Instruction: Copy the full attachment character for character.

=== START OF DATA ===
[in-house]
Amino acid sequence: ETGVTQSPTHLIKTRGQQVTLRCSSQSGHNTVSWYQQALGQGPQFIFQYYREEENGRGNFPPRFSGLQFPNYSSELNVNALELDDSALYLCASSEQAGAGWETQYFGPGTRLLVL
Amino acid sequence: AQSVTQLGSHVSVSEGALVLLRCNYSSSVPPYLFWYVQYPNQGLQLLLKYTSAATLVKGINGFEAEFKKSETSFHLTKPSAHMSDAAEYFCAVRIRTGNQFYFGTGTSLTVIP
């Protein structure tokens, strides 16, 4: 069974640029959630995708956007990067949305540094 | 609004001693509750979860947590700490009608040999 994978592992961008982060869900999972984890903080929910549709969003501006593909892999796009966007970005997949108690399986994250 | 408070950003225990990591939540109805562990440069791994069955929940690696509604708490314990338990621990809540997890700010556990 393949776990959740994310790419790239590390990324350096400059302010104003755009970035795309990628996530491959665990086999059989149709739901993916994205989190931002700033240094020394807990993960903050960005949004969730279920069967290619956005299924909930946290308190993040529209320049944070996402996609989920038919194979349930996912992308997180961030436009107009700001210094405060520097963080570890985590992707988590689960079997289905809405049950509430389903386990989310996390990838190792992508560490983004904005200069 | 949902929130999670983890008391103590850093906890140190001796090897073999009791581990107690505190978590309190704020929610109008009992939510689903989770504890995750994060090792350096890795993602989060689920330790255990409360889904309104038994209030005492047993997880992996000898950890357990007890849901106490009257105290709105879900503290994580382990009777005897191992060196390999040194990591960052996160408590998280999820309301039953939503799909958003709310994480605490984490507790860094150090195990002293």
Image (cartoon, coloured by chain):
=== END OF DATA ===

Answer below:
[in-house]
Amino acid sequence: ETGVTQSPTHLIKTRGQQVTLRCSSQSGHNTVSWYQQALGQGPQFIFQYYREEENGRGNFPPRFSGLQFPNYSSELNVNALELDDSALYLCASSEQAGAGWETQYFGPGTRLLVL
Amino acid sequence: AQSVTQLGSHVSVSEGALVLLRCNYSSSVPPYLFWYVQYPNQGLQLLLKYTSAATLVKGINGFEAEFKKSETSFHLTKPSAHMSDAAEYFCAVRIRTGNQFYFGTGTSLTVIP
């Protein structure tokens, strides 16, 4: 069974640029959630995708956007990067949305540094 | 609004001693509750979860947590700490009608040999 994978592992961008982060869900999972984890903080929910549709969003501006593909892999796009966007970005997949108690399986994250 | 408070950003225990990591939540109805562990440069791994069955929940690696509604708490314990338990621990809540997890700010556990 393949776990959740994310790419790239590390990324350096400059302010104003755009970035795309990628996530491959665990086999059989149709739901993916994205989190931002700033240094020394807990993960903050960005949004969730279920069967290619956005299924909930946290308190993040529209320049944070996402996609989920038919194979349930996912992308997180961030436009107009700001210094405060520097963080570890985590992707988590689960079997289905809405049950509430389903386990989310996390990838190792992508560490983004904005200069 | 949902929130999670983890008391103590850093906890140190001796090897073999009791581990107690505190978590309190704020929610109008009992939510689903989770504890995750994060090792350096890795993602989060689920330790255990409360889904309104038994209030005492047993997880992996000898950890357990007890849901106490009257105290709105879900503290994580382990009777005897191992060196390999040194990591960052996160408590998280999820309301039953939503799909958003709310994480605490984490507790860094150090195990002293």
Image (cartoon, coloured by chain):